For example, the person who panicked during an airplane flight is first forced to look at pictures of the inside of a plane, then taken to the airport, then to the boarding desk, then on the plane, then on a flight.
These steps may take several weeks or months to go through, but the therapy and the “cure” are considered short term. Once the person is no longer afraid to fly, they are considered cured of their underlying anxiety.
Two Problems With Traditional Approaches
There are two problems with this approach. The first is that a panic attack, by its very nature, is out of proportion and out of context.
To have such a life and death reaction to even the number one fear of all adults – the fear of speaking in public – is an extreme overreaction to the situation.
In the case of our person who had an attack on an airplane, desensitizing them to the fear of flying, doesn’t necessarily mean they will never have a panic attack again.
They rationally know, during the attack, that their response to their current situation is out of proportion and not right.
That’s part of what makes them question whether or not they’re going crazy.
While the person above may have experienced their panic attack on an airplane, that time and place may have been entirely coincidental. The panic attack may have been building for quite some time and simply bubbled over then and there.
The second problem with both traditional drug therapies and cognitive behavior therapy for panic attacks is that they ignore the very real, and very extreme physical aspects of the attack.
Just because no evidence of a heart attack or a stroke can be found, does not mean that the person didn’t suffer this attack because of an underlying physical condition.
It’s Not All In Your Head
In fact, there is mounting evidence all around us that the cause of most panic attacks, and anxiety disorders in general, can be traced back to adrenal exhaustion and failure.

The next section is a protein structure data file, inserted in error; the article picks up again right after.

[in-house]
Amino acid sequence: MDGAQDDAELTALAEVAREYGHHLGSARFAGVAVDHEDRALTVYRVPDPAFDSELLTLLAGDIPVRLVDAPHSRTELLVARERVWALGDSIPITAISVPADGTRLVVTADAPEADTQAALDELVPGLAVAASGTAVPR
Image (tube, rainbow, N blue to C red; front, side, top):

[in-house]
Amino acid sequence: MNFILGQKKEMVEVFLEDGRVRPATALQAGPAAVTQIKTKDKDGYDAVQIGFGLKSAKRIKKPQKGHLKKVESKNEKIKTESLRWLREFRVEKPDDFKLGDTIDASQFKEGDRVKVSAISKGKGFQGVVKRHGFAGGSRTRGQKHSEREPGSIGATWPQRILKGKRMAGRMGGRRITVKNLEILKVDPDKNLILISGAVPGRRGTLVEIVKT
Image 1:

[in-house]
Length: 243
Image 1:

The very glands that pump out the adrenaline into our systems can get worn out. Too many bad chemical messages that tell the adrenals to start pumping wear out the controls over time. Eventually, the dam bursts and panic attacks ensue.
Those bad chemical messages that wear down that damn are physical as well. They are carried in the very food we eat. Too much of one type of nutrient and not enough of another and the messages become all one note, assaulting the glands over and over until they break down.
In order to really eliminate panic attacks, a person needs to dig deeper.
Instead of treating the physical symptoms by testing for heart conditions, or treating the emotional symptoms through cognitive behavior training, we must clean the toxic chemicals out of our internal physical systems and repair the physical damage so that all of our organs, including the gatekeepers of panic, can do their jobs properly.
Fortunately, recognizing that the whole physical spectrum of cause and effect in panic attacks has been overlooked is 80% of the cure. Taking the next steps to eat the right nutrients in the right balance to correct the problem is something everyone can do to create their own natural anxiety therapy.
More articles by Jen Crippen.
Jen Crippen is author of the ebook Lets Get Physical: Anxiety Is Not All In Your Head